Conan the Librarian on the Information Highway
Chapter 2
Conan personally saw FirstSearch properly stabled while the stableboy kept a running patter alternately praising FirstSearch's lines and commenting on all the other guests' horses. The boy was most impressed with the twenty matched Belgian draft horses that brought the delegation from the west, and by the even larger contingent of black Frisian war horses from the east. Conan recognized the devices on the blankets--the gold key, the elegant initials. In the far end of the stable were a motley collection of ill-tempered mountain ponies whose hammer insignia he did not recognize. 

The Chamberlain met him at the stable door with a servant who took Conan's bags. Conan kept the pouch containing the three AACR2s. As they walked toward the guest quarters, the Chamberlain gave him a name tag and inundated him with information, beginning with the official program for the Royal Conference on Valuable Information. The ceremonial return of the AACR2 was to take place that evening at the opening banquet. To Conan's disappointment he learned that the royal representative would be the Crown Prince Albert (though he was not surprised to learn it was he who had obtained the royal support for the Conference.) King William, frustrated with battling the Assembly of Lords--especially its acerbic leader Lord Newton of Gangrene--had led a crusade to the Holy Land, and Queen Hilary--also fatigued by the battles of court life--had secluded herself. It surprised him to realize how much he had been hoping to meet her.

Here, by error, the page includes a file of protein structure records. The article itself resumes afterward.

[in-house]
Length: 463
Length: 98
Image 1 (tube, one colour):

When the Chamberlain left him at his quarters, his clothes had already been unpacked and the laundress was sorting them. She was short and slightly plump with a motherly smile. With deft fingers and a sharp eye she made a thorough inspection of his banquet tunic, making notes to herself of spots to mend. 

"I suppose you have much extra work with all the guests in the castle," Conan remarked. 

"Oh, my yes," she smiled, "mind you we're used to guests and banquets here, but this will be the largest of the season, I dare say. And the most remarkable guest list. Now I'm not one to spread gossip, of course, but we in laundry can tell things about a person. And Sir Vancealot and his retainers. Oh my, such fine things they have, and they're all so polite and considerate of the help, you know." 

"What about the others?" 

"Well Lord Elsevier and Lord Reed brought their own servants. Don't mix much with the local help, but," she lowered her voice, "they're foreigners, you know. There's more foreigners, too. Most seem to know each other, but there's more of 'em than such as me can keep straight." She folded the tunic and carefully placed in on the basket. "As for the rest, 'specially those that wear the hammer...I just don't know." She shook her head. "Some of them are fine gentlemen, too, but most are quite common and with not much more in their packs than your own poor self. Begging your pardon, sir." She flushed in embarrassment and gathered her basket. "I must be getting along with my work now." 

Conan nodded and she and hurried out. Too excited to rest, he decided to take a walk. His room was near the end of the guest wing. Out in the hallway, a high window cut in the white stone wall allowed natural light to fall on the curved stairway. As Conan reached the bottom and turned toward the door to the outside, a hand reached out from the intersecting hallway and pulled him into the doorway of the first room. 

© 1995, by Hadley V. Baxendale 

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